In Atlanta, where local police cooperate with ICE through a problematic program called PEP [Priority Enforcement Program], migrant communities are fighting against the pending deportations of three of their members — Cindy’s son Wilhen, Juan and Irvin — none of whom should be considered priorities for deportation. In New Orleans, they tell me they are seeing a rise in the manufacturing of criminals through unconstitutional policing and unjust prosecution priorities led by US Attorney Kenneth Polite, who is expanding felony convictions for the nonviolent “crime” of illegal reentry of migrants who are fleeing violence or seeking to reunite with their families, as is the case with William Diaz-Castro, whose wife and US-born children want him home from jail.
I visited the graves of a growing number of unknown bodies found en route to cross around checkpoints that exist 70-100 miles beyond the Texas-Mexico border in the Rio Grande Valley. The South Texas Human Rights Center nearby receives phone calls every day inquiring about disappeared family members lost in the brush at night.
Eduardo Caneles, the director of the South Texas Human Rights Center, calls this US policy of deterrence, “death by policy.” The US intentionally chooses to police safer routes, leaving a funnel open through the most dangerous landscapes; in this way, it uses the landscape itself to kill migrants. The Texas Department of Public Safety (DPS) is now asking for $1 billion, after already receiving $800 million, to work alongside the US Department of Homeland Security (DHS ) to secure the border. What I saw while in the Rio Grande Valley could aptly be described as “low-intensity warfare,” not that dissimilar to what I observed on a trip to Palestine. The fierce women organizers making up the growing Fuerza del Valle Workers Center are fighting against the wide practice of wage theft while supporting each other in the face of depression, fear of deportation and violence from employers.
During a brief stop in Austin, Texas, I was able to meet Hilda Ramirez at St. Andrews Presbyterian church, where she and her son Ivan have found sanctuary after she was denied asylum from the violence she is fleeing in Guatemala. Since presenting herself at the border to seek asylum in the summer of 2014, she was incarcerated at Karnes Detention Center with her son for 11 months, housed at Posada Esperance while humiliated with an ankle bracelet for another seven months, and for the last nine months, restricted to the confines of the church where she has sought sanctuary. “Me da coraje,” she tells me: “It gives me courage and anger.”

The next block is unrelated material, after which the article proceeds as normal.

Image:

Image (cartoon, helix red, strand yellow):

She tells me she will continue to struggle not only for her own freedom, but also for the end of all family detention centers. Seventy-three percent of the nearly 37,000 migrants incarcerated on average daily are locked in privately owned prisons contracted by ICE. A recent policy paper by the ACLU sheds light on the abuses, calling for an end to incarcerating families, children and people seeking asylum. Migrants represent a growing number within the profit-making prison industrial complex. On September 28, 2016, former migrant prison detainees accompanied by #Not1More Campaign, Color of Change and Black Alliance for Just Immigration confronted Jeh Johnson, secretary of the DHS, outside a public speaking event to demand that he address the crisis inside immigrant detention and cut the department’s contracts with private prisons.
“What gives you hope,” I was asked on this journey to the Border Convergence. My hope is grounded in the work and struggle of all these amazing grassroots leaders organizing against US state violence. They are not waiting on politicians for hope. They have each other in the struggle for human dignity and freedom. And this is why we are gathering together this weekend at the Border Convergence, to say we have each other and together, we will not stop our struggle until US state violence against our communities has ended and we are all free.